Teresa Casuso in Cuba and Castro has written, with a historical background of Cuba, a decidedly personal account of her relationship to Fidel Castro from their early association in Mexico to her well-publicized break with the bearded revolutionary in 1960.

Miss Casuso, a devoted friend of exPresident Carlos Prío Socarrás, chose exile in Mexico after the Batista coup in 1952. She wrote novels and had a short career in Mexican films before meeting Castro, who found her home convenient for storing weapons prior to his invasion of Cuba in 1956. Miss Casuso was useful in other ways; she provided an introduction to Prío, who was persuaded to support the expedition to the Sierra Maestra.

With the exit of Batista from Cuba January 1, 1959, Miss Casuso promptly assumed command of the Cuban Embassy in Mexico City. She established order out of chaos and provided for the return of Cuban exiles to Havana. Her own return, however was something less than triumphal. She had to wait two days at Castro’s headquarters at the Havana-Hilton before she could see him.

Castro did reward her, nevertheless, with an appointment as his press officer. His erratic behavior, however, made her job of arranging interviews for visiting dignitaries extremely difficult. Furthermore, her entrée to Castro was blocked by a new feminine lead, Celia Sanchez. As one who had not been in the Sierra Maestra, Miss Casuso was definitely not one of the new socially élite.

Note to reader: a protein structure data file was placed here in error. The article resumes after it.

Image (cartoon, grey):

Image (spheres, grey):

In spite of Castro’s indifference to her, Miss Casuso persisted in mothering him. She rewarded him with a rose whenever he gave a constructive speech, and with silence whenever he acted badly in public. His frequent temper tantrums, extravagance, and sometimes repugnant personal habits finally caused her disenchantment to become acute. She recalls, “For the first time I asked myself if, in order to herd the masses into a state of adoration and to become the supreme leader of a revolution, it is not necessary, as an indispensable prerequisite, to be mentally unbalanced.”

Miss Casuso eventually requested a transfer to Cuba’s delegation at the United Nations. After Castro’s spectacular and irresponsible appearance before the General Assembly in September, 1960, she decided on permanent exile, not, however, without painful soul-searching. “I learned through personal experience what fanaticism is, how it breaks every human bond and ethical feeling and tramples even memories, tramples everything.”

Although the author thus learned something of human nature, she reveals throughout the book an uncritical acceptance of the temptation to criticize the United States as the source of all the ills of Cuba. In this respect she is still being used effectively by Castro. This book is thus not particularly valuable except as personal history.